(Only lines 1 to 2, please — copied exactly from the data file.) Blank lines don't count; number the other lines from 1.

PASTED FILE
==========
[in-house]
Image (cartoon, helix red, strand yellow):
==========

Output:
[in-house]
Image (cartoon, helix red, strand yellow):